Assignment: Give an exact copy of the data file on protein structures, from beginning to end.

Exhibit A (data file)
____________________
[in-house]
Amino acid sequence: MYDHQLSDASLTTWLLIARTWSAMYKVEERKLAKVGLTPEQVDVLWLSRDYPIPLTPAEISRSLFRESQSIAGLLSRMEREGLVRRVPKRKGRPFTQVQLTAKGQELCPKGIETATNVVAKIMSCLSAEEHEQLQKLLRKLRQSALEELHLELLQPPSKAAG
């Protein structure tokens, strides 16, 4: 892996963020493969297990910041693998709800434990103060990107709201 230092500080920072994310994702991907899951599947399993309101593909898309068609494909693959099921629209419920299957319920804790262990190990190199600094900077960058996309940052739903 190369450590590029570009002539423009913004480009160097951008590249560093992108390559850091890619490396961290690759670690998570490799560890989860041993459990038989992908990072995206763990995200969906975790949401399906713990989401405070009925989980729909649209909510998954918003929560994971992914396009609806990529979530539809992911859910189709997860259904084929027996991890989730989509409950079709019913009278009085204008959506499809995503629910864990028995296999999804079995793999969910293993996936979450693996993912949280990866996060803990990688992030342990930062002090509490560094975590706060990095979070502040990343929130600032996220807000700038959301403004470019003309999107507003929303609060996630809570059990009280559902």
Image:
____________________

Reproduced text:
[in-house]
Amino acid sequence: MYDHQLSDASLTTWLLIARTWSAMYKVEERKLAKVGLTPEQVDVLWLSRDYPIPLTPAEISRSLFRESQSIAGLLSRMEREGLVRRVPKRKGRPFTQVQLTAKGQELCPKGIETATNVVAKIMSCLSAEEHEQLQKLLRKLRQSALEELHLELLQPPSKAAG
């Protein structure tokens, strides 16, 4: 892996963020493969297990910041693998709800434990103060990107709201 230092500080920072994310994702991907899951599947399993309101593909898309068609494909693959099921629209419920299957319920804790262990190990190199600094900077960058996309940052739903 190369450590590029570009002539423009913004480009160097951008590249560093992108390559850091890619490396961290690759670690998570490799560890989860041993459990038989992908990072995206763990995200969906975790949401399906713990989401405070009925989980729909649209909510998954918003929560994971992914396009609806990529979530539809992911859910189709997860259904084929027996991890989730989509409950079709019913009278009085204008959506499809995503629910864990028995296999999804079995793999969910293993996936979450693996993912949280990866996060803990990688992030342990930062002090509490560094975590706060990095979070502040990343929130600032996220807000700038959301403004470019003309999107507003929303609060996630809570059990009280559902």
Image: